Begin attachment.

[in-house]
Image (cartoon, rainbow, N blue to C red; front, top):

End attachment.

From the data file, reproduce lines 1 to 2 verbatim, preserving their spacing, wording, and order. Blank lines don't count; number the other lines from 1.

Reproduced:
[in-house]
Image (cartoon, rainbow, N blue to C red; front, top):